Most of us didn’t get to learn this in school, so we hope this primer will be helpful.
There are two types of life insurance: Term Life and Whole or Permanent Life. This is what that means:
Your simplest type of life insurance, term is the best choice for most people. Term policies last for a designated number of years after which you either need to purchase a new policy or go without. As long as you have been paying your premiums, the insurer will pay the face amount of the policy to your beneficiaries if you die during that term.
Words to know
Term: The number of years that the policy will be in effect (often 10 or 20). The date on which the policy ends is called the maturity date.
Premium Payments: Level premium payments stay the same throughout the term; annual renewable term (A.R.T.) guarantees you the option to renew the policy at the end of each year, but your premiums will go up. Adjustable premiums allow for annual changes in premium amounts but with a cap.
Premium Return: Some policies will return part of your premiums to you if you outlive the term; a term with this provision will cost you more than a simple term policy.
Whole or Permanent Life
As the name suggests, Whole or Permanent life insurance has no maturity date; it covers you throughout the remainder of your life as long as you’ve paid your premiums. But Whole Life policies have another component that makes them different from Term—a cash or investment account built into the policy. The great thing about this is that it forces you to put money away at the same time that you are paying your premiums. On the other hand, this means that a Whole Life policy is significantly more expensive.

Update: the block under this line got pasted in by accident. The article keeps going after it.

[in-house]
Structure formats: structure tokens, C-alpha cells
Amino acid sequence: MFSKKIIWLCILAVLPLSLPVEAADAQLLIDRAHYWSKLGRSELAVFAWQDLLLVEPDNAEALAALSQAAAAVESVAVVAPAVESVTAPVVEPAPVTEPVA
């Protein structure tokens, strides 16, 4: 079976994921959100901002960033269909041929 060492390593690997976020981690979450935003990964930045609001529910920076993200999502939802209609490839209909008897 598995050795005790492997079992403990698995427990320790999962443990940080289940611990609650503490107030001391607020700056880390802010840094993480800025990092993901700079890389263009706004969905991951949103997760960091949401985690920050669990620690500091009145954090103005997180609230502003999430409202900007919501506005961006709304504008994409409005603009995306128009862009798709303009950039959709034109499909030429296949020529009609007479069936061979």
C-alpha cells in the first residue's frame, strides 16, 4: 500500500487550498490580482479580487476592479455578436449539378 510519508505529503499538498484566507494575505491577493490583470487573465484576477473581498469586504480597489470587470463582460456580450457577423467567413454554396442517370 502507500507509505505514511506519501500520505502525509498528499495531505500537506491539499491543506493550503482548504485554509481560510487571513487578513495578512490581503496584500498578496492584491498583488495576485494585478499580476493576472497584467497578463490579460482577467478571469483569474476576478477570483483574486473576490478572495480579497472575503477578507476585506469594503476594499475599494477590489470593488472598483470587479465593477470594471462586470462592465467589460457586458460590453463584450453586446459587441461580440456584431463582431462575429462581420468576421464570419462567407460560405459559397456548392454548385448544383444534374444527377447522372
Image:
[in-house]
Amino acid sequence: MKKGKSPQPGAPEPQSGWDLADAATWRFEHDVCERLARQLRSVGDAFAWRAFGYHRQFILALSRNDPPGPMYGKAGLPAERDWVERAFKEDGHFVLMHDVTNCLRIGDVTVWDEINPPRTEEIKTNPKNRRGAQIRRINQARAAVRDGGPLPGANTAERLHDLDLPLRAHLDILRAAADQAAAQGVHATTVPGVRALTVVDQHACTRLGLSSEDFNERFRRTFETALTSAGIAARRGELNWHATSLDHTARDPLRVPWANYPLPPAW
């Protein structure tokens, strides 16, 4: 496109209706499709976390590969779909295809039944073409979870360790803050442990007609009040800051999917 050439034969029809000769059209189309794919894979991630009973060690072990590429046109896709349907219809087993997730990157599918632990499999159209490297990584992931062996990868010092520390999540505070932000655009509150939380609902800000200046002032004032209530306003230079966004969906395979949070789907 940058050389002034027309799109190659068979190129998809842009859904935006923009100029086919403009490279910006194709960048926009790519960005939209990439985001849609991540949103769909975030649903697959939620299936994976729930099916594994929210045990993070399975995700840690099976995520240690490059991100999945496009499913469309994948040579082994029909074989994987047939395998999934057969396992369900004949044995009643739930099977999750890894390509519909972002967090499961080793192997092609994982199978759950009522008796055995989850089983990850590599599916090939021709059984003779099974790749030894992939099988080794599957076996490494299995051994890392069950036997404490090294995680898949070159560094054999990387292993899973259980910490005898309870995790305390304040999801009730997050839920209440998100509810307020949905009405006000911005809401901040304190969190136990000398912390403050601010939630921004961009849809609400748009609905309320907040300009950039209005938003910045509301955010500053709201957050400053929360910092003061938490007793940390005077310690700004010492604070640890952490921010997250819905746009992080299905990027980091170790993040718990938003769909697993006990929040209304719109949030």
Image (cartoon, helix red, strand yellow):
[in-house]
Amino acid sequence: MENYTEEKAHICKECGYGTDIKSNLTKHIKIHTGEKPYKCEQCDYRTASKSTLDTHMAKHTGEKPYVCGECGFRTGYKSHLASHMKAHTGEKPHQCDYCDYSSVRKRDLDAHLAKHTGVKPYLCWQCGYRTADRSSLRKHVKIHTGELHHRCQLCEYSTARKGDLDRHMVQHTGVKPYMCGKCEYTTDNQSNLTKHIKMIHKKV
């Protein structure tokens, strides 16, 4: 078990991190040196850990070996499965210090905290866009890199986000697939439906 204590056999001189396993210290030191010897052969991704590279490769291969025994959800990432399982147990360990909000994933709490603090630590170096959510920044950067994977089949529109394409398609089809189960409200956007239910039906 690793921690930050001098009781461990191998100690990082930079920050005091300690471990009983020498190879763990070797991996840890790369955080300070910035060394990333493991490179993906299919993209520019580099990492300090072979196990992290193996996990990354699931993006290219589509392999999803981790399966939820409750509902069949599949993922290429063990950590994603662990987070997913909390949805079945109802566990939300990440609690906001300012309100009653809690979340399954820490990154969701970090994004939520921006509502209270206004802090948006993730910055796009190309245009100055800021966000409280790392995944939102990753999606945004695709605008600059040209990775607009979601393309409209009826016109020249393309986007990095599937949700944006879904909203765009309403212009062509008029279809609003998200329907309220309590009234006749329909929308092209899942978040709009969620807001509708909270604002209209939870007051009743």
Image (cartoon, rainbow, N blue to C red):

Words to know:
Participating: A “participating” plan pays dividends depending on the company’s returns; these can be used to pay premiums, taken in cash or left in the invested portion of the policy.
Premium payments: premium payments can be “level” (stay the same throughout the policy), “limited” (higher but for a limited period), “single” (just one, large payment), or “adjustable” (the company reserves the right to increase or decrease premium payments).
Variable: In a variable policy, both the value of your investments and the death benefit will vary according to the how well the investments in the account perform. Traditional variable policies will guarantee you a minimum death benefit as long as premiums are paid.
Universal: A universal policy allows you and the company to move money around amongst the premiums due, death benefit amount and investment account depending on investment returns and premium adjustments. Universal life is flexible but risky unless carefully managed—you can find your policy lapsed if not enough of your money is going to premiums.
Surrender Charges: the fee for canceling your policy and withdrawing your cash balance.
-Amy Witherbee, Revolution Capital